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For this reason, the most effective path forward for many new agents is to join a team at the beginning of their career. It is not just for newbies, however: for seasoned solo agents looking to grow, the best way to ascertain best practices for building a team of your own is to join a successful team and learn the ropes from the inside out.
Here are our top 22 reasons for being on a mega team:
Large, successful teams have a visible footprint that generates ongoing success for the members of the team. Brand recognition is important in not only generating current sales but is helpful for building in the future: as the brand becomes more recognizable, it becomes easier to convert leads based on reputation alone.
While solo agents can, in and of themselves, build a reasonable market share, it is impossible to develop the level of visibility afforded by a large, dominant team.
To ensure that everyone on a team produces at a top level, most teams provide access to training designed to enhance their team member’s capabilities. While individual agents can secure training either from their brokerage or through third-party companies such as Brian Buffini or Tom Ferry, costs can be prohibitive. Many teams provide training either free or at a nominal cost.
The primary job in real estate sales is the generation of leads. A solo agent I know who runs a small one-person brokerage recently asked, “So just exactly how do you get leads, anyway?”
In reality, lead gen can be very expensive. As this solo agent discovered, the level of marketing required to generate a significant flow of leads was beyond his financial capabilities.
Large teams have the deep pockets required to generate leads over a wide spectrum of sources. Those leads are, in turn, handed to members of the team to convert. In most cases, the more leads a team member converts, the more they get.
Real estate sales require a good deal of capital to be successful. While some become Realtors because they want to be their own boss, many quickly realize that the price tag that accompanies a high level of success is quite steep.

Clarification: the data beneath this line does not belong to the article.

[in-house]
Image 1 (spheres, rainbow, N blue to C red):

Most teams cover the massive overhead so that individual team members do not have to worry about it. In return, commission splits are lower. Many agents balk when considering joining a team because of the lower commissions.
Conditioned to think only in terms of splits, and, in many cases, having no idea how much it actually costs to run an effective business, they do not realize they can be far more productive and earn substantially more when the overhead is removed and leads are provided.
It can be a lot of fun being on a team. While solo agents are left to develop relationships on their own and, in many cases, choose not to for fear of ceding to potential competition, effective teams rotate around relationships. In fact, the better they work and celebrate together, the more cohesive and effective they become. Even though made more difficult by COVID, teams find ways to keep the camaraderie alive.
6. Work/Life balance
Over the years of being on a team, I have been able to take vacations and know that the business is in capable hands. In many cases, my clients never even knew I was gone.
Effective teams have systems that can respond to leads when you are tied up, process transactions while you are away and facilitate key business components even when you are missing in action. Solo agents are at the beck and call of their clients and potential leads 24/7.
When difficult issues arise, solo agents are left to fend for themselves or get their broker involved. If the solo agent is also their own broker, getting effective support can be costly.